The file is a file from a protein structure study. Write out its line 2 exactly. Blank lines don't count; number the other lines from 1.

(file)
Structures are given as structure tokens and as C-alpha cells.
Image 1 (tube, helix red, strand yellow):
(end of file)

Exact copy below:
Image 1 (tube, helix red, strand yellow):